Compiling and Installing Firmware

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With the goal of maximum simplicity in mind, the process of compiling and installing the firmware is reasonably straightforward.


Downloading the firmware

There are two methods for obtaining the Speeduino firmware:

  1. Regular, stable code drops are produced, typically on the last day of each month. Details of the latest code drop are below
  2. If you want the latest and greatest (And occasionally flakiest) code, the git repository can be cloned and updated. See

Latest Stable Firmware

Older firmware releases

If required, older firmware releases and details can be found at Firmware History

Compiling the firmware

  • Start the IDE, select File > Open, navigate to the location you downloaded Speeduino to and open the speeduino.ino file.
  • Set the board type: Tools > Board > Arduino Mega 2560 or Mega ADK (This is the only board currently supported)
  • Click the Verify icon in the top left corner (Looks like a tick)

At this point you should have a compiled firmware! If you experienced a problem during the compile, see the Troubleshooting section below.

This video walks through the whole process of installing the firmware on your Arduino from scratch:

Optional (But recommended)

There is an option available for changing the compiler optimization level, which can improve . By default, the IDE uses the -Os compile option, which focuses on producing small binaries. As the size of the Speeduino code is not an issue but speed is a consideration, changing this to -O3 produces better results (Approximately 20% faster, with a 40% larger sketch size) To do this, you need to edit the platform.txt file:

  • Make sure the Arduino IDE isn't running
  • Open the platform.txt file which is in the following locations:
    • On Windows: c:\Program Files\Arduino\hardware\arduino\avr
    • On Mac: /Applications/Arduino/Contents/Resources/Java/hardware/arduino/avr/
    • On Linux:
  • On the following 3 entries, change the Os to be O3:
    • compiler.c.flags
    • compiler.c.elf.flags
    • compiler.cpp.flags
  • Save the file and restart the Arduino IDE

Note: This is NOT required if using PlatformIO, the above optimisation is applied automatically there


Once you've successfully compiled the firmware, installation on the board is trivial.

  • Plug in your Mega 2560 to a free USB port
  • If you're running Windows and this is the first time you've used an Arduino, you may need to install drivers for the Arduino serial chip. All official boards, and many non-official ones, use the ATMega16U2 or 8U2, whereasmany of the cheaper 2560 based boards utilise the CH340G IC. The serial chips can generally be identified by appearance:

ATMega16U (square IC) - drivers included in Windows, MacOS and linux:


WCH CH340G (Rectangular IC) - drivers from WCH:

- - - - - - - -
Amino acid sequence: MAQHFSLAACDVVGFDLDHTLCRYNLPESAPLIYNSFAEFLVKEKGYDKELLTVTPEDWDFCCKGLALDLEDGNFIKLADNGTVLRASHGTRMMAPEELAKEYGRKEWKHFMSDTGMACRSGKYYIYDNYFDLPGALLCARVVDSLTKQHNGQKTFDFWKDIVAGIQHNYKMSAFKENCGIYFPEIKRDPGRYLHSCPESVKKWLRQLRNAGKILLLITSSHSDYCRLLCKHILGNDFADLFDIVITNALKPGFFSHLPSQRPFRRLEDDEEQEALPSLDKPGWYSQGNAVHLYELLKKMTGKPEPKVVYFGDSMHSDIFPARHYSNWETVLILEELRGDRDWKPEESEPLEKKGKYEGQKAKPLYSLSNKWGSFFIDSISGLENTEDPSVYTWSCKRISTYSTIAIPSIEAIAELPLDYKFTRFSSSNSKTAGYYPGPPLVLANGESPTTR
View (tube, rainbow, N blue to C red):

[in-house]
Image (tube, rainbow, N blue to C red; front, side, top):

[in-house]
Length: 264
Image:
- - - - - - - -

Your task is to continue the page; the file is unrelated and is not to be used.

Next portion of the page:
• Select the serial port to upload to: Tools > Serial Port
  • Hit the Upload button from the top left corner (Looks like an arrow point to the right)

Assuming all goes well, you should see the IDE message that avrdude is done, similar to this:

Verifying Firmware

The firmware is now loaded onto your board and you are now able to move onto Connecting to TunerStudio.

Optionally, you may perform a verification of the firmware by using the Arduino IDE's Serial Monitor. This can be started by selecting 'Serial Monitor' from the Tools menu.

In the window that appears, enter a capital "S" (no quotes) and press Enter. The Mega should respond with the year and month of the code version installed (xxxx.xx):

Speeduino 2017.03

NOTE: Ensure the baud rate is set to 115200

You can also enter "?" for a list of queries from your Mega:

=== Command Help ===

All commands are single character and are concatenated with their parameters 
without spaces. Some parameters are binary and cannot be entered through this 
prompt by conventional means. 
Syntax:  <command>+<parameter1>+<parameter2>+<parameterN>

=== List of Commands ===

A - Displays 31 bytes of currentStatus values in binary (live data)
B - Burn current map and configPage values to eeprom
C - Test COM port.  Used by Tunerstudio to see whether an ECU is on a given serial 
    port. Returns a binary number.
L - Displays map page (aka table) or configPage values.  Use P to change page (not 
    every page is a map)
N - Print new line.
P - Set current page.  Syntax:  P+<pageNumber>
R - Same as A command
S - Display signature number
Q - Same as S command
V - Display map or configPage values in binary
W - Set one byte in map or configPage.  Expects binary parameters. 
    Syntax:  W+<offset>+<newbyte>
t - Set calibration values.  Expects binary parameters.  Table index is either 0, 
    1, or 2.  Syntax:  t+<tble_idx>+<newValue1>+<newValue2>+<newValueN>
Z - Display calibration values
T - Displays 256 tooth log entries in binary
r - Displays 256 tooth log entries
? - Displays this help page

You can now test your new Speeduino code by starting TunerStudio and attempting to connect. See Connecting to TunerStudio for more details


Incorrect Arduino board selected

If you see the following (or similar) errors when trying to compile the firmware and the solutions:

scheduler.ino:317:7: error: ‘OCR4A’ was not declared in this scope
scheduler.ino:323:8: error: ‘TIMSK5’ was not declared in this scope 
scheduler.ino:323:25: error: ‘OCIE4A’ was not declared in this scope 

You may have the wrong kind of Arduino board selected. Set the board type by selecting Tools > Board > Arduino Mega 2560 or Mega ADK

Entire Speeduino project is not opened

The following can occur if you have only opened the speeduino.ino file rather than the whole project.

speeduino.ino:27:21: fatal error: globals.h: No such file or directory

Make sure all the files are contained within the same directory, then select File->Open and find the speeduino.ino file. If you have opened the project correctly, you should have multiple tabs along the top: